"Then, when Cocteau Voices came up 18 months later, Scott was the most exciting choice. It was a collaboration from the word go. The score he's written is absolutely amazing; though it's in no way related to the Poulenc piece, I think the scale, weight and emotional intensity balances it very strongly."
Duet for One Voice was inspired, says Collins, by an early draft of the 1932 monologue that eventually evolved into Le Bel Indifférent. Cocteau created the latter for Edith Piaf and worked into it many of her own experiences. The earlier version, though, was a radio play, Lis Ton Journal ("Read Your Newspaper") written for Cocteau's male lover, Jean Marais. "That ambiguity, the fact that it can be performed by a man or a woman, was exactly what attracted me to it," says Collins, whose ballet features six dancers – three men and three women.
Both the Cocteau monologues behind this project deal with people desperately trying to get their partners' attention – and the issues are painful and perennial: "We read in magazines every day about the same kind of relationship problems and break-ups," Cairns says.
In La Voix Humaine, the heroine has been dumped by her implicitly younger lover and speaks to him by telephone; we hear only her side as the opera traces her mental breakdown, the question remaining as to whether she ultimately takes her own life. "You really have to write the invisible ex-lover's side of the conversation," Cairns says. "The text is very specific and the drama keeps revolving on virtually 180-degree turns, so it's something that the director and the performer have to figure out – the soprano, in this case the wonderful Nuccia Focile, carries the whole show alone and it's essential that the character evolves from her viewpoint."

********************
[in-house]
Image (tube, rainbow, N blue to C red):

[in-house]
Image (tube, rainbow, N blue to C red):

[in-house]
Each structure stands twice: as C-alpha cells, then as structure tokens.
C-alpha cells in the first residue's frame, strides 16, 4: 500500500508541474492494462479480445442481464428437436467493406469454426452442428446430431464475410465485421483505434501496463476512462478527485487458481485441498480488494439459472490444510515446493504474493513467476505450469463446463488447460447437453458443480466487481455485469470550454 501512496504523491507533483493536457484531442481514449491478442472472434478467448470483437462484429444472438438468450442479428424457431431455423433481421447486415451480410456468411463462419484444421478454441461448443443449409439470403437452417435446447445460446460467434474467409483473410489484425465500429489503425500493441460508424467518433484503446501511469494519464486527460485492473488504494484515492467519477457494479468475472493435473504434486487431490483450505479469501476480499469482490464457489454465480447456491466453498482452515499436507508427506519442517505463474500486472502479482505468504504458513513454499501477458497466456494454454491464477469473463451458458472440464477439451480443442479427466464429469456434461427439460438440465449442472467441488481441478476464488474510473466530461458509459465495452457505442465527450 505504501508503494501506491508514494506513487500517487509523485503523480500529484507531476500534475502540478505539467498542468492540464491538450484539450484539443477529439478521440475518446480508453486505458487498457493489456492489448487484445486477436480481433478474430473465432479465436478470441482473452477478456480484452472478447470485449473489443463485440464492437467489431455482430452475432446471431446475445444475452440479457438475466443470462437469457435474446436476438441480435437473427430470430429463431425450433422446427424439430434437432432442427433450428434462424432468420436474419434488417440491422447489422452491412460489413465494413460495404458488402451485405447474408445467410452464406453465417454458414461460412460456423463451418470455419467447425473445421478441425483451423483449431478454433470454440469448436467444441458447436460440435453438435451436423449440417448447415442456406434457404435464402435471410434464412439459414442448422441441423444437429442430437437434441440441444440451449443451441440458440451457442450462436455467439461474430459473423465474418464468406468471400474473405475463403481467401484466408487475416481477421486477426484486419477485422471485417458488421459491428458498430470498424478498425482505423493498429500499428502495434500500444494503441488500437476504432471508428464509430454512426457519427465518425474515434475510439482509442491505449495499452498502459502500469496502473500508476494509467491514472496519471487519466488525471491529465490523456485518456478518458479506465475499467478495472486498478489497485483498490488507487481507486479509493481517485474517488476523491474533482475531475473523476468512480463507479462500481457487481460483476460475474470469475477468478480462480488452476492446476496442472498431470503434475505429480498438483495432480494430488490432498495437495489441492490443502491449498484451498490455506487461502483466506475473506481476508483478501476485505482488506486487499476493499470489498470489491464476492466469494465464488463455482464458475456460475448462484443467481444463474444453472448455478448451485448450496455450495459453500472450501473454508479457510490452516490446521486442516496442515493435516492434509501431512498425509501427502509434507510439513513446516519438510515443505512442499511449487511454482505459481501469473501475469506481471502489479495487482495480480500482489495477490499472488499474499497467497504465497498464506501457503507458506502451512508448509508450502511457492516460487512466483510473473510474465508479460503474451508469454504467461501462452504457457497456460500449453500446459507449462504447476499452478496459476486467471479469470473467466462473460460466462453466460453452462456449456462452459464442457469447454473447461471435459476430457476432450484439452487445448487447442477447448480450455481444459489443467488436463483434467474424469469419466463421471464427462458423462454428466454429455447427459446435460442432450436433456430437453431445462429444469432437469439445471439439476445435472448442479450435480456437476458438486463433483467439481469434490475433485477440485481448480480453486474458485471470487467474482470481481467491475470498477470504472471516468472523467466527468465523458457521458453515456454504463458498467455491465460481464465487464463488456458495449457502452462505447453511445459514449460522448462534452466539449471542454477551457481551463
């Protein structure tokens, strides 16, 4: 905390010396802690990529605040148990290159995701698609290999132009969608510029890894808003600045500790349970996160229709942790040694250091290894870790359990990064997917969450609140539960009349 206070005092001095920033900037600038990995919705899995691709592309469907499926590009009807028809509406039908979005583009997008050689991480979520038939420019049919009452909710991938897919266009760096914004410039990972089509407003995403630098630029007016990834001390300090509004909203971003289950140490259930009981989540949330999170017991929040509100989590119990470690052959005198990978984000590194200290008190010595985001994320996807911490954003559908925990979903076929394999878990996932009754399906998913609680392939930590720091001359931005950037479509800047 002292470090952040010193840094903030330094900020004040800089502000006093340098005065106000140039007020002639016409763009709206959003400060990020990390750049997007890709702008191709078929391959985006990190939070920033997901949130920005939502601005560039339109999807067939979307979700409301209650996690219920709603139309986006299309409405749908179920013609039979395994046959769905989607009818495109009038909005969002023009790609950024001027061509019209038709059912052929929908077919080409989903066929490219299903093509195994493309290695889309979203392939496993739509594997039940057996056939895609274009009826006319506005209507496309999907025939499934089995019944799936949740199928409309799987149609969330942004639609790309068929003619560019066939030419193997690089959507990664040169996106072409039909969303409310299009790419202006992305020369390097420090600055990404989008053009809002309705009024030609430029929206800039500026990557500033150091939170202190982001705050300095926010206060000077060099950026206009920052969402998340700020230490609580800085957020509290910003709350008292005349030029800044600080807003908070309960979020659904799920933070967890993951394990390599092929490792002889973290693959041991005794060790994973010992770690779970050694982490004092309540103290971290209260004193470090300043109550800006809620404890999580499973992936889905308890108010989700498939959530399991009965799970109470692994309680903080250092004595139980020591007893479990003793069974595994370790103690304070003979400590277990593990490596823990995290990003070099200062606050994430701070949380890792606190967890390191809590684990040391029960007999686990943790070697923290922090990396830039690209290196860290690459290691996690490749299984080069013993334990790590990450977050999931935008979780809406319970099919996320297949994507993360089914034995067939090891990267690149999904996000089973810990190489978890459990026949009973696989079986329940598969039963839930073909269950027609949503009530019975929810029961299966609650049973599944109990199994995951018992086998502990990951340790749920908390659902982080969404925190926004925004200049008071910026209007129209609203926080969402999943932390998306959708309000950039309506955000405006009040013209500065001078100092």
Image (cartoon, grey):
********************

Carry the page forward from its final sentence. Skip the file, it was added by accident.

Poulenc took Cocteau's monologue exactly as he found it: "I think he set every word, without missing a beat," says Cairns. And the intimate Linbury Studio should enhance its power: "We're putting the set in front of the orchestra, so Nuccia will be only a few feet from the audience."
Could there be a greater future for this type of mixed-genre performance in general? It's an endeavour "fraught with danger," Cairns and Collins admit. "There's always the risk that people will come along for one part and not respond to the other," says Cairns.
Such presentations have become increasingly featured in arts festivals both in Britain and overseas; what's newer is the advantage of the Linbury Studio as a venue that can commission and handle creative experiments year-round. In straitened economic times, though, the chances are that risk-taking will become ever more a luxury for creative artists – and for their audiences. Still, Cairns adds: "You often bump into people in the rehearsal room, but this time it's different: everyone's headed towards the same end-product. We can't wait to see each others' work at close quarters – and that sort of collaboration is rare."
'Cocteau Voices', Linbury Studio, Royal Opera House, London, 17-25 June (020 7304 4000)